able investment will have to be made in undergraduate and graduate programs if appropriate services and care are to be available. Finally, the scope of "health care services" for the elderly is broad. Curative services remain important, but as the burden of chronic diseases increases with age, maintenance of function and satisfaction with care loom large as the primary outcomes in assessing the appropriateness and effectiveness of health care services. Critical services will be diverse, including clinical and personal care, functional assessment, education and social services, transportation, housing, social support, income supplementation, and others. Further, it is possible that social investments outside clinical geriatrics (e.g., in lay care giver training or in housing or social environments) will, in the end, be more effective in improving elder health than those in the medical care sector. Even within the domain of clinical activities, some critical services for sustaining elder health (e.g., annual influenza vaccination) may be the "product" of multiple providers such as the public health department or senior citizen centers, as well as the responsibility of clinical organizations.
Given the size of the elder population, its political salience, and importance to medical care expenditures, many stakeholders would see the health status and effectiveness of services provided to this population as important, including providers, insurers, and state and local public health authorities. The frail elderly are an at-risk population in head-to-head competition with education of youth in state budget plans. Even employers and local industry, to the extent that they are committed to medical care for their retired employees and are concerned about current employees' obligations to care for elderly relatives, have a stake in the health of the elderly.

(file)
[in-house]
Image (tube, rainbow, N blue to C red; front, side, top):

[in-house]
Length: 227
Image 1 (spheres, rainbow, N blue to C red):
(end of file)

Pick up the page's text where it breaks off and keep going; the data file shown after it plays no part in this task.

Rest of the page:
By using the domains of the field model, it is possible to identify a variety of measures that might serve as performance indicators for a community's efforts to improve the health of the elderly. Because of the nature of aging, both the medical and the social needs of elders must be addressed.
An extraordinarily diverse set of performance indicators could be considered for use as part of a monitoring system that ad-